press coverage 20 December 2006
The Associated Press, Wednesday, December 20, 2006, HONOLULU
An Army lieutenant who refused to deploy to Iraq told supporters that he was only following his military oath by challenging an "illegal and immoral policy."
First Lt. Ehren Watada, 28, faces a court-martial in February. Speaking before a crowd of more than 100 supporters, Watada said he understands that in order to live with a clear conscience he would have to face the legal repercussions, including a possible prison sentence, for refusing to go to Iraq.
"As leaders, as officers, we must stick our necks out and take that first step," he said.
Watada, a member of the Army's first Stryker Brigade Combat Team at the time, refused to go to Iraq after researching the war and determining it to be illegal. He said he would be willing to serve in Afghanistan or elsewhere.
He was charged with missing a troop movement, conduct unbecoming an officer and contempt toward officials for comments he made about U.S. President George W. Bush.
The Army later dropped the contempt charge but added another specification of conduct unbecoming an officer based on his comments in Seattle during the national convention of Veterans for Peace in August.
If convicted of all charges, Watada could serve six years in prison and be dismissed from the service.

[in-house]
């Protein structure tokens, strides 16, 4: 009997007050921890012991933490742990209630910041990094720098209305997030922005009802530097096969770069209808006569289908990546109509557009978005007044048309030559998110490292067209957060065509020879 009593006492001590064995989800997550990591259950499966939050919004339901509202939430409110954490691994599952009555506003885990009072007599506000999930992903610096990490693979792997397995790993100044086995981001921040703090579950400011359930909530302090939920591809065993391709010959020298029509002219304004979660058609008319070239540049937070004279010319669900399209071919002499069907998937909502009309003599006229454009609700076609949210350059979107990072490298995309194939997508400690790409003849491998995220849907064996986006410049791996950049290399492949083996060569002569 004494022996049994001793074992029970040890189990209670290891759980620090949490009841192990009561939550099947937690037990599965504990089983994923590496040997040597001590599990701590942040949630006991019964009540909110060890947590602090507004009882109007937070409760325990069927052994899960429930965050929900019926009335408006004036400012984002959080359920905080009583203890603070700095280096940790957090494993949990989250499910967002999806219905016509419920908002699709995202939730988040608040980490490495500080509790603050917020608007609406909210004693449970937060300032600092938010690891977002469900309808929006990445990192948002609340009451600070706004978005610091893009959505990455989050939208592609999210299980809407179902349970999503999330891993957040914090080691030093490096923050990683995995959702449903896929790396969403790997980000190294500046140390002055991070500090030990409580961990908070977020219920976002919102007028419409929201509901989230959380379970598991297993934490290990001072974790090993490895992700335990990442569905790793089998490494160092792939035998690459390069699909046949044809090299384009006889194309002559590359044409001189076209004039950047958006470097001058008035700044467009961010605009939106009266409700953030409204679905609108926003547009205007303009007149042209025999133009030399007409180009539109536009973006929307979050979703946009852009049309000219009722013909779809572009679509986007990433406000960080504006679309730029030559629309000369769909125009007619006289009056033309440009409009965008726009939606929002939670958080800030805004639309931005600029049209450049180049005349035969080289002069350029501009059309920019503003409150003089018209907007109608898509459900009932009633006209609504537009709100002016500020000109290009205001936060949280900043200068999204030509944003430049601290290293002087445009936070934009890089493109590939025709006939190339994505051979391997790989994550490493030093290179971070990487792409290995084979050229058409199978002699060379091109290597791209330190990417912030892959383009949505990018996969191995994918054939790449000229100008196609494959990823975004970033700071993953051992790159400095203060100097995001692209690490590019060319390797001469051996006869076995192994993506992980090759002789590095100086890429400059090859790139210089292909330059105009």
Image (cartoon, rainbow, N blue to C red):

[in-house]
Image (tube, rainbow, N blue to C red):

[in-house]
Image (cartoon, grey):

The Army refused to allow him to resign his commission because he has not fulfilled his service obligation. He now works in an administrative position at Fort Lewis, Washington. His pretrial hearing is scheduled for Jan. 4.
Watada said he was following the oath he took as an officer to uphold the U.S. Constitution.
"I have challenged an illegal and immoral policy on behalf of those who cannot or are unwilling to speak," Watada said. "This is the responsibility of a leader, and I assure you I am not alone."
His lawyer, Eric Seitz, said he wants the hearing to be moved to a larger courtroom so supporters can attend.
Watada was temporarily released from a travel restriction imposed by the Army and returned to Hawaii to visit with his attorney and to spend time with family and friends.
"I really do appreciate when these men and women step up and say, 'I will risk going to jail because this war is wrong and I will not participate in it,'" said retired Army Col. Ann Wright, who resigned as a senior diplomat at the U.S. Embassy in Mongolia in 2003 to protest the Iraq war.